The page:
The dollar impact for property damages and cleanup following the Dec. 1 wind storm continues to ring up like a mad cash register, with two Davis County cities reporting between them more than $16 million in estimated costs.
But officials at all levels agree that it will be many months before any kind of an overall cost figure may be determined.
Farmington City Manager Dave Millheim said 1,066 homes were damaged by the windstorm. City crews surveyed every street, and preliminary damage estimates have hit close to $8 million.
Centerville Mayor Ronald Russell said his city has also estimated the windstorm caused about $8 million in damage, but expects that figure to increase.
Based on a comprehensive review, Weber State University in Ogden and Weber State University-Davis in Layton sustained $1.84 million damage from the wind- storm, WSU spokesman John Kowalewski said.
"The $1.84 million damage estimate is subject to tweaks up or down as we get into the repair process," he said.
Most of the damage took place at the Ogden campus, he said.
Overall, though, damage in Weber County was less than in Davis.
"I'm not aware of any damage to county properties. We dodged a bullet," said Lance Peterson, Weber County director of emergency management.
Most of the damage that occurred in the unincorporated county took place in the Uintah Highlands on private land, Peterson said, where trees were blown over, damaging fences.
Ogden School District reported about $100,000 of damage as a result of the winds, while Weber School District reported about $10,000 in damages, Peterson said.
Thousands of residents have contacted their private insurance carriers after the storm about damage to homes and vehicles.
Among them is Denise Nelson, of North Salt Lake, a bus driver for Davis School District. She parked her 2009 Chevy Malibu at the district's bus compound the morning of the storm.
She returned to find the windows of her car shattered and the paint pitted by the pea gravel blown off the compound parking lot.
"I have a $500 deductible, but that will take me several months to save up," Nelson said.
She said most of the drivers who parked their personal vehicles at the bus compound had damage. She said one driver's insurance company totaled the car because of its age and the amount of the damage.
State Farm Insurance spokeswoman Donna Fisher- Brown said the company has received more than 1,600 claims related to the wind storm. Those claims range from severe roof damage, windows lost and patio decks damaged, to "11 auto claims as a result of things falling on them," she said.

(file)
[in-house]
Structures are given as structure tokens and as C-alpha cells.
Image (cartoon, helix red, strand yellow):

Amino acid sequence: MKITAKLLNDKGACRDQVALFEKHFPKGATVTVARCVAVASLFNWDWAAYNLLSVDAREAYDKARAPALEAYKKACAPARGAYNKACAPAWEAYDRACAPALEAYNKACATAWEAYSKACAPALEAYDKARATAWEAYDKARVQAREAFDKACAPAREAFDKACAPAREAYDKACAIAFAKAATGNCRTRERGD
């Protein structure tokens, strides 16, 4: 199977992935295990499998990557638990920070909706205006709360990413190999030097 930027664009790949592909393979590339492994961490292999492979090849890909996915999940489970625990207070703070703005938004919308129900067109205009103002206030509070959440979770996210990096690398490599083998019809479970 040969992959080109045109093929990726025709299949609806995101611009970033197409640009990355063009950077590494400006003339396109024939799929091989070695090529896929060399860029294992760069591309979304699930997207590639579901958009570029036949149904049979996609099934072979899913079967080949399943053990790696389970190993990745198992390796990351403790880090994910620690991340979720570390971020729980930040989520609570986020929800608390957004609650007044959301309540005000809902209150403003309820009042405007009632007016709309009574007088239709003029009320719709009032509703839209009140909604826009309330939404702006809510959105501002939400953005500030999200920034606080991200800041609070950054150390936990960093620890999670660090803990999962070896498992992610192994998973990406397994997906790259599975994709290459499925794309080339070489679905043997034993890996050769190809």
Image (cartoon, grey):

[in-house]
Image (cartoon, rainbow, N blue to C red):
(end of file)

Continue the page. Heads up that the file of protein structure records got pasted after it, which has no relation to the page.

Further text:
Kari Mather, spokeswoman for Allstate Insurance Company, the largest publicly held insurance company in the country, declined to share claims or cost estimates, but said, "We have deployed additional support to the (Davis County and Utah) area.
"It didn't just affect Utah. We are looking at Nevada, New Mexico and Arizona, all related to the (same) windstorm," she said.
The Utah Insurance Department, which oversees insurance carriers, will not have a cost estimate of damage for some time, if at all, said Jilene Whitby, the department's information specialist.
Insurance carriers send in the number of total claims for the year, beginning in March, Whitby said, and it is not broken down by event.
But costs could have been much higher if not for the volunteers who poured out to help and if the state had not provided personnel and equipment, officials said.
The state deployed the Utah National Guard and other state agencies on Dec. 4 to help with cleanup efforts after a weather forecast predicted another wind storm was going to hit the county.
The state kept the personnel in the county until Thursday afternoon to help with the cleanup efforts.
Kris J. Hamlet, deputy director of the Utah Division of Emergency Management, said the state spent about $212,000 deploying the National Guard and $12,000 using Utah Highway Patrol troopers.
The Utah Department of Transportation spent a little over $100,000 on the storm, according to preliminary estimates from Ahmad Jaber, operations engineer at UDOT.
Jaber said UDOT sent 15 of its utility and service trucks, mostly to Centerville and Farmington, to assist with cleanup activities.
Wasatch Integrated Waste Management director Nathan Rich said the landfill will continue to take clean green waste free of charge until Dec. 17.
Normally, the landfill charges $5 for a pickup or single- axle trailer load or $10 a ton for larger loads.
With more than 12,000 tons of green waste brought to the landfill since the storm and landfill employees working 12-hour days, the cost is substantial, Rich said.
Davis County Commissioner John Petroff Jr. said early estimates show damage to county properties have at least reached the county's $100,000 insurance deductible. But the exact assessment is not known at this time.
Most of that damage occurred at its two 18-hole golf courses and the Legacy Events Center in Farmington, he said.
Kirk Schmalz, public works director, said public works employees spent the majority of the week helping cities clean up. Many were called to work on Dec. 3 and Dec. 4 and have also put in long hours during the week.
They are now in the field assessing damage to flood channels and creeks and removing excessive debris so another disaster does not happen.
Rocky Mountain Power spokeswoman Maria O'Mara said the company does not have estimates on what it cost to restore power.
More than 48,000 customers lost power due to the storm.
"Rocky Mountain Power had 350 company and contract personnel that worked around the clock," O'Mara said.
"That storm was one of the worst on record based on the damage to poles and wires."
Standard-Examiner reporters Mitch Shaw and Jasen Asay and correspondent Antone Clark contributed to this report.